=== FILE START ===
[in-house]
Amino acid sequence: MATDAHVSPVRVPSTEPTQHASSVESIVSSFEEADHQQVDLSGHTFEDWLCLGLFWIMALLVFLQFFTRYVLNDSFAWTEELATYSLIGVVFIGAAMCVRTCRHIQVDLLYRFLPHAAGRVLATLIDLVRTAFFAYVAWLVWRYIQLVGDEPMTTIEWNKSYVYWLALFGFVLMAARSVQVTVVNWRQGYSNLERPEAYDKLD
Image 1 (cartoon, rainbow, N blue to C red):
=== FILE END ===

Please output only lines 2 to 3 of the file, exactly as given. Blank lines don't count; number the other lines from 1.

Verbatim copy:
Amino acid sequence: MATDAHVSPVRVPSTEPTQHASSVESIVSSFEEADHQQVDLSGHTFEDWLCLGLFWIMALLVFLQFFTRYVLNDSFAWTEELATYSLIGVVFIGAAMCVRTCRHIQVDLLYRFLPHAAGRVLATLIDLVRTAFFAYVAWLVWRYIQLVGDEPMTTIEWNKSYVYWLALFGFVLMAARSVQVTVVNWRQGYSNLERPEAYDKLD
Image 1 (cartoon, rainbow, N blue to C red):